Aside from the good company, lovely weather, relaxation, and delicious food, one of my favorite things about visiting Dave's shore house (and family) is the totally beautiful and amazing kitchen. Generally, I am a spectator / passive eater, but I like taking advantage of the solid equipment and Dave's parents' cooking intuitions whenever possible. Since both of his parents handle the entre portions of the meals with confidence and a fistful of Parmesan (I am marrying an Italian, afterall), my cooking forays have been happily limited to drinks and desserts. Some went well (I will be making daisy cupcakes with my future niece/nephew, before happily handing him/her off to the parents), some were suspicious (that margarita cupcake recipe could have used a few going-overs). One, however, stood out so much that even despite its high sugar content (or because of it), it was completely gone by noon the next day and led his sister to send desperate Facebook messages asking for the recipe (social networking at its best). One word: fudge.
Ooooh, fudge. I can still remember the first time I ever ate fudge, at my first "cool kids" middle school party (there were boys! lights were dim! we played "light as a feather, stiff as a board!"). One of the girls brought a plateful of homemade chocolate fudge and, mistaking them first for dried-out brownies, I casually took a bite. Oh dear. You all know the sensation: the sweet, soft, pliant feel of the fudge being crushed slowly in your mouth, the teeth-achingly sweet flood of chocolate, sugar, and butter. Although my memories of the party don't extend much beyond the dessert table (I think it was my audition to be cast in the popular clique, but my focus on the fudge probably indicates how well I did...), the sweet, sweet moment of my first taste of fudge is something I hold dear.
Usually I get my fudge from trusted sources, like Murdick's in Martha's Vineyard (true story: mid-argument with my parents about who was paying for my wedding, my dad pulled out a box from Murdick's from their recent trip to Martha's Vineyard. Without even finishing my sentence, I pounced, stuffed a corner piece into my mouth, and domestic harmony was restored. We still never resolved the wedding thing, though). Last month, however, I was paired with Min from the Bad Girl's Kitchen for the monthly Taste and Create event. Although some miscommunication eventually had me paired with Alisa from One Frugal Foodie (check out my take on her delicious cookies here), I had already discovered and fallen in love with Min's recipe for homemade fudge. A shore weekend coming up, I figured I would have all the help (and willing eaters) necessary to make the fudge a success. And it was!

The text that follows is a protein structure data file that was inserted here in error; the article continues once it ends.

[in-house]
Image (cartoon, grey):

Everyone helped out in a way: Dave's parents pointed out the right equipment, his sister assembled the ingredients, her boyfriend diligently measured, Dave's brother took the photos, and his sister-in-law (currently gestating a new family member) ate for two. Dave also helped(?) by licking the extra-hot stirring spoon (how does he even have tastebuds anymore?). The recipe called for milk chocolate chips, but the local grocery was out, so we went with Hershey's bars instead. Best. Idea. Ever. It was like eating gently melted Hershey's bars, and sent everyone hopping off the walls with happiness. If I were going to remake the recipe (which, let's be honest, is a given), I might swap in a higher-quality chocolate bar, something like a nice Lindt, which is creamier and less acidic than Hershey's. Still, the fudge was simple, quick to make, and delicious, hitting what is in my opinion the perfect trifecta for a successful recipe. Check it out below and avoid the Facebook messages!
MILK CHOCOLATE FUDGE
1 1/2 cups granulated sugar
2/3 cup Evaporated Milk
2 tablespoons butter or margarine
1/4 teaspoon salt
2 cups miniature marshmallows
1 1/2 cups Milk Chocolate Morsels
1/2 cup chopped pecans or walnuts (optional)
1 teaspoon vanilla extract
Line an 8-inch-square baking pan with foil.
Combine sugar, evaporated milk, butter and salt in medium, heavy-duty saucepan. Bring to a full rolling boil over medium heat, stirring constantly.
Boil, stirring constantly, for 4 to 5 minutes.
Remove from heat.
Stir in marshmallows, morsels, nuts and vanilla extract.
Stir vigorously for 1 minute or until marshmallows are melted.
Pour into prepared baking pan; refrigerate for 2 hours or until firm.
Lift from pan; remove foil.
Cut into 48 pieces.
Posted by Kendall Kulper Toniatti at 12:00 AM